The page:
Many veterinarians are faced with the phrase ‘I think that my goat has eaten poison’ or ‘I think that my goat has been exposed to poison.’
But, is goat poisoning that common? What are the things that cause poisoning and how can you recognize them? And, the most importantly, how can you prevent poisoning from occurring? After doing some research, I have some answers to these questions.
Before going deep into details, the most important thing you have to know is that if you have any suspicion that your goat may have eaten or been exposed to poison, you need to call the vet.
The points mentioned in this article are just advice to increase your awareness about the topic.
When an animal becomes ill, the first thing that may come to its owner’s mind is that it has ingested something poisonous. A
Although this is a common worry, it is something that actually happens quite rarely from a vet’s perspective.
Goats are browsing animals, so they do have ample opportunity for exposure to poisons. This poison can be a toxic plant or chemical in their environment.
Signs of Poisoning in Goats
There are many signs that appear for a poisoned goat. Signs range from mild signs such as vomiting and diarrhea to severe signs such as convulsions or even death as the first presentation.
Knowing these signs is essential to recognize the problem and take the next step as soon as possible.
Here is a list of some signs of poisoning:
- Loss of appetite
- Salivation and repeated swallowing
- Rapid breathing
These are not the only signs. There are many other signs that can occur with specific poisons and they will be mentioned in the next sections under individual poisons.
Exposure to Poisons
There are many ways for a goat to be poisoned, one of them is their natural instinct to browse. It becomes a real threat if the goat has been physically restricted to one area.
The prevention of the goat’s natural instinct to browse could cause it to consume a potentially harmful amount of a hazardous plant or chemical within its easy reach.
Another important point to recognize is that a goat’s poisoning can be a result of the owner’s misunderstanding.
For example, there are elements such as copper and selenium that a deficiency can result in health problems for the goats. But on the other hand, the wrong use and over-supplementation of them can also cause poisoning.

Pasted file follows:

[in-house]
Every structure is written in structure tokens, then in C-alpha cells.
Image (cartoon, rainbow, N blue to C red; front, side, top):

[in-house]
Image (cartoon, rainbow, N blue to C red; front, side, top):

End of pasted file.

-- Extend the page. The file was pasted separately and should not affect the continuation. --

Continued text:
Always read the instructions and be aware of the potential hazards when you use any vitamin or mineral supplements with your goat.
There is another source of goat poisoning that may be overlooked by owners, which is the shrubs and plants sold by garden centers. You may be unwittingly putting a plant within reach of your goats that may end up poisoning them.
One example is the plant Pieris, which is particularly toxic to goats. You should question the toxicity of plants before putting them within reach of your goats.
After viewing the possible ways of goat poisoning, it is important to compile a list of potential poisons, avoid them, and be aware of the correct practice when suspecting exposure of your goat to one of these poisons.
Types of Poisons
Poisons of goats can be categorized into two main categories: plant poisons and chemical poisons.
Yew: It is commonly found in churchyards, so care must be taken if your goats are grazing in or near to one.
Nibbling of yew branches out of curiosity can occur if branches are newly brought into a goat’s environment, for example after a storm or if they have been cut and thrown over a hedge or wall.
Yew is very toxic to goats and can kill a goat rapidly even after eating only a small amount of it. Immediately call your vet. There is no specific antidote, but supportive therapy can be given.
Rhododendron and Pieris: They belong to the same family. Pieris is the deadlier member of the family. Death can occur rapidly after consuming these plants.
The author of Veterinary Guide to Goat Health and Welfare, David Harwood, encountered a case of an 18in Pieris bush consumed by three goats, two of them died rapidly.